Sushil: Children’s books at Riyaaz are made through thorough real-life interactions with children. We encourage students to study children’s films, books, observe their behaviour and reconnect to the experiences of their childhood -- to understand their worldview. While the world is changing rapidly, some core experiences like happiness, sorrow, dreams, struggle, relationships, our relationship with nature, togetherness, and love change very gradually. Which is why children can relate to feelings expressed in stories, irrespective of the setting. We try to foster multiple worldviews by creating inclusive stories. We aim to leverage innate human qualities into our stories; create illustrations that are important for everyone to foster open and inclusive dialogues keeping children in focus. We also believe that the experiences of children and adults are not mutually exclusive, but can be weaved to form an enriching experience in stories catering to children.

How do the faculty at Riyaaz shape the worldview of the students?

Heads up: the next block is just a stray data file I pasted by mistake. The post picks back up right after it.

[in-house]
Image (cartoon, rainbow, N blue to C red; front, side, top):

Sushil: Our faculty consists of Atanu Roy, a well-renowned illustrator who is often considered among the top 10 illustrators in India, Taposhi Ghoshal, Sujasha Dasgupta, Vandana Bisht, Nina Sabnani, Priya Kuriyan, Raja Mohanty and Chandramohan Kulkarni. Having such esteemed faculty helps us shape our students’ worldview to be more liberal, saving them from rigidity, opening multiple pathways for producing high-quality work. We constantly aim to bring faculty from top schools in India like NID (National Institute of Design) and IDC (IDC School of Design) not only for their experience and impressive work portfolios but to also amplify the discourse around Riyaaz. Additionally, they help make illustration an integral part of the courses offered in fine and applied arts in these institutions.

Has the rise of social media helped illustrators further their reach? What kind of responsibilities and challenges are they posed with while delivering content?